While workplace health benefits for married same-sex spouses are becoming more common, new data from KFF’s 2018 Employer Health Benefits Survey shows they still lag behind benefits available to opposite sex-spouses. In 2018, nearly two-thirds (63%) of employers offering health insurance coverage to opposite-sex spouses also provided coverage to same-sex…
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Using the latest data from our annual Employer Health Benefits Survey (EHBS), we assessed access to employer sponsored health insurance (ESI) coverage for same sex spouses in 2018, as well as trends over time; ESI remains the primary way people in the U.S. receive health coverage, either directly or as a spouse or other dependent. We found that while access to same sex-spousal coverage through ESI is increasing, it remains significantly less common than the offer of opposite sex spousal coverage.
Proposed Changes to “Public Charge” Policies Could Lead to Declines in Medicaid and CHIP Enrollment as Immigrant Families Face Rising Fear and Uncertainty About Using Public Programs
As the Trump administration proposes changes to federal “public charge” policies, the resulting fear and uncertainty among immigrant families about using public programs could drive down enrollment in Medicaid and the Children’s Health Insurance Program, potentially by millions of people, a new analysis by KFF (the Kaiser Family Foundation) shows.…
On October 10, 2018, the Trump administration released a proposed rule to change “public charge” policies that govern how the use of public benefits may affect individuals’ ability to obtain legal permanent resident (LPR) status. This analysis provides new estimates of the rule’s potential impacts.
Un año después de las tormentas: la recuperación y la atención de salud en Puerto Rico y las Islas Vírgenes de EE.UU. (Informe)
Un año después que los huracanes Irma y María tocaran tierra, Puerto Rico y las Islas Vírgenes de EE.UU. (USVI) todavía sienten los efectos de las tormentas. Basándose en entrevistas con partes interesadas clave y en informes públicos, este reporte proporciona una visión general del estado de recuperación y los esfuerzos de preparación para la actual temporada de huracanes, un año después de las tormentas, enfocándose en los sistemas de atención de salud de los territorios.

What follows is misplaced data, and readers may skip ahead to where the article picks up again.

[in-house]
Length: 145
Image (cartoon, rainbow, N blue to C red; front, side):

A draft version of a proposed rule by the Trump Administration would make changes to “public charge” policies that govern how use of public benefits may affect individuals’ immigration status. This fact sheet provides an overview of the proposed changes and their implications for legal immigrant families and their predominantly U.S.-born citizen children.
One Year after Hurricanes Irma and Maria, Recovery Has Progressed Slowly in Puerto Rico and the U.S. Virgin Islands and Health Care Challenges Remain, Particularly in Mental Health
One year after Hurricanes Irma and Maria made landfall, recovery has progressed slowly and unevenly in Puerto Rico and the U.S. Virgin Islands. The territories’ health care systems continue to face capacity, infrastructure and financial challenges even as health needs have increased, especially in mental health, according to two new…
One year after Hurricanes Irma and Maria made landfall, Puerto Rico and the U.S. Virgin Islands (USVI) are still feeling the storms’ effects. Drawing on key stakeholder interviews and public reports, this brief provides an overview of recovery status and preparation efforts for the current hurricane season one year after the storms, with a focus on the territories’ health care systems.
When a Family Member is Detained or Deported, Immigrant Families Often Face Financial Hardship, Physical and Emotional Health Consequences and New Fears of Engaging with Public Programs
As the Trump Administration pursues enhanced enforcement of the nation’s immigration laws, a new issue brief from the Kaiser Family Foundation documents how the detention or deportation of an individual can have major effects on families and communities. They include sudden and severe financial hardship and emotional trauma that can…
This report examines the direct consequences to family finances, health, and well-being when a member of the household is detained or deported. It is based on 20 in-person interviews with families who recently had a family member detained or deported and 12 telephone interviews with health centers, legal services providers, educators, and community organizations serving immigrant families in California, Texas, and the Washington, DC area.